Elections hamper setting up police station in Kaziranga to curb poaching

Police station to have both police and forest department officers; collaboration necessary to handle wildlife crimes better, says Assam chief minister

By Amarjyoti Borah
Published: Thursday 24 April 2014


The ongoing general election in the county has become a road block for the Assam government’s plan of setting up police stations in the state to deal exclusively with wildlife crimes.

The Assam government, worried by the spurt in the instances of rhino poaching in the state and the complete failure of the state government to control it, had announced setting up of these unique police stations.

More on wildlife crimes in Kaziranga

Curse of the horn 

In his announcement, made on March 1, Assam Chief Minister Tarun Gogoi had said this decision was taken after a series of talks with different senior government officials of the environment and forest department, home department, and also with the top brass of the Assam police. He had also said once these police stations are set up wildlife crimes could be brought under control. 

However, on March 5 the model code of conduct came into force with the announcement of elections, and all the new projects of the government came to a stand-still.

“The detailed proposal for setting up these police stations is being prepared and will be ready soon. Once it is approved, the process of setting up of the police stations will begin,” said Gyanendra Dev Tripathi, commissioner and secretary with Assam government's home department. 

Tripathi, however, added that because of the ongoing election, the process will be delayed and only after the entire election process is over, these police stations would be set up.

The chief minister, who had last year referred a number of cases of rhino poaching to CBI, said that the new police station would only be for investigating and preventing wildlife crimes in the state. 

“One such police station will be set up at the Kaziranga National Park soon; they will be set up in other national parks, sanctuaries, and sensitive areas in the state as well,” said the chief minister.

“This will be a police station which will comprise of police officials and also officials from the forest department, and I strongly believe that stronger coordination among officials from both these two departments is necessary to control and investigate wildlife crimes,” said Gogoi. 

The chief minister added that there will be extensive training for these officials so that they gain expertise in dealing with wildlife crimes.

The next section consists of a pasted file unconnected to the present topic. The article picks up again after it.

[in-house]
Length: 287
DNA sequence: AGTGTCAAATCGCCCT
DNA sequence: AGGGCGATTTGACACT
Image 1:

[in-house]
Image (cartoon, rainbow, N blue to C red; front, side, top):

According to officials of the environment and forest department, three more such police stations will be set up after Kaziranga—at the Manas National Park, the Rajiv Gandhi Orang National Park and the Pabitora Wildlife Sanctuary.

Rhino toll in 13 years: 170 and rising
According to Assam environment and forests minister, Rakibul Hussain, over 170 rhinos have been killed by poachers since 2001. 

As many as 40 rhinos have been killed by poachers last year, and this makes it the highest in the last 13 years.  

The failure of the Assam government in tackling rhino poaching and wildlife crimes can be guaged from the fact that as many as 11 rhinos have been killed by poachers in the first four months itself this year.

Former Assam director general of police (DGP), Jayanto Narayan Choudhury (the idea was mooted in his tenure), said these stations would be jointly manned by the Assam Police and Assam Forest Protection Force. 

“We held discussions on various measures like how to build up a data base on wildlife crimes, intelligence sharing and better investigation and prosecution, taking forensic assistance to effectively deal with wildlife crimes, and after that the idea about setting up of such a police station was conceived,” said Choudhury.

The environment and forest department, and the home department will also be sending officials posted at this police station for training.    

“It has also been decided that the Assam Police would impart training to “quick response teams” of Assam Forest Protection Force, and officials will also attend trainings to explore measures like fast tracking investigation and trial cases of poaching and other wildlife crimes,” said Hussain.

The environment minister also said that the authorities of the Kaziranga National Park will be opening eight new anti-poaching camps, and of these, two will be set up along Karbi Anglong and six on the chaporis (sand bars) of the river Brahmaputra. 

“At present, the park has 158 anti-poaching camps, including six floating camps. Setting up of these new camps will add to the forest department’s strength and will be a big boost in our anti-poaching strategies ,” said N K Vasu, director of Kaziranga National Park. 

Hussain added that once the police stations are set up, there will be exchange programmes for officials posted at these stations and they will also be provided with sophisticated equipment to be able to deal with wildlife crimes. 

“These police stations will be able to curb such crimes as these will have the presence and expertise of both police officials and the forest department, and moreover, they will be working jointly to investigate and bring down wildlife crimes,” added Hussain.

Judgement: Judgement of the National Green Tribunal in the matter of Pradip Kumar Agarwalla (Proprietor of M/s Assam Brick Craft) Vs Rohit Choudhary & Ors on quarrying and mining activity in Kaziranga dated 09/05/2013

Judgement: Judgement of the National Green Tribunal on Kaziranga National Park dated 07/09/2012

Report: Monitoring tigers and prey animals of Kaziranga National Park, Assam, India

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